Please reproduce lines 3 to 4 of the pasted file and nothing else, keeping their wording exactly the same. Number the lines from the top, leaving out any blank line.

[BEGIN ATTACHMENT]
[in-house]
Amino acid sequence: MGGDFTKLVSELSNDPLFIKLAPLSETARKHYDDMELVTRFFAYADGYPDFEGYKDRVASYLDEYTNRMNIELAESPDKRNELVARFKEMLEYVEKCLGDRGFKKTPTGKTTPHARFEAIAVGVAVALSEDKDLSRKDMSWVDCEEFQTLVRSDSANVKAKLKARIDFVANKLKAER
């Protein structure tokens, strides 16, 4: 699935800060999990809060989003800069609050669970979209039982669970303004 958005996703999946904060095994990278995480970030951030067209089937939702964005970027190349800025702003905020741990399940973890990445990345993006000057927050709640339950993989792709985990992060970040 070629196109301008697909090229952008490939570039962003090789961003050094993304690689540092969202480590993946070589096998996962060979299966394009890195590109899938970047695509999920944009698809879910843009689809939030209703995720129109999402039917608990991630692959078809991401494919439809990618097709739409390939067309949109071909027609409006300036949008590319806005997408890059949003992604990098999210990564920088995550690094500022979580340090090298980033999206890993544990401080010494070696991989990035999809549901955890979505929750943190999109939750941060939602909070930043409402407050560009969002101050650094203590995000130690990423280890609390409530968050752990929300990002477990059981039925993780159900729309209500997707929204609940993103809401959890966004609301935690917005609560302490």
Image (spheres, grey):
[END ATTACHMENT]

């Protein structure tokens, strides 16, 4: 699935800060999990809060989003800069609050669970979209039982669970303004 958005996703999946904060095994990278995480970030951030067209089937939702964005970027190349800025702003905020741990399940973890990445990345993006000057927050709640339950993989792709985990992060970040 070629196109301008697909090229952008490939570039962003090789961003050094993304690689540092969202480590993946070589096998996962060979299966394009890195590109899938970047695509999920944009698809879910843009689809939030209703995720129109999402039917608990991630692959078809991401494919439809990618097709739409390939067309949109071909027609409006300036949008590319806005997408890059949003992604990098999210990564920088995550690094500022979580340090090298980033999206890993544990401080010494070696991989990035999809549901955890979505929750943190999109939750941060939602909070930043409402407050560009969002101050650094203590995000130690990423280890609390409530968050752990929300990002477990059981039925993780159900729309209500997707929204609940993103809401959890966004609301935690917005609560302490």
Image (spheres, grey):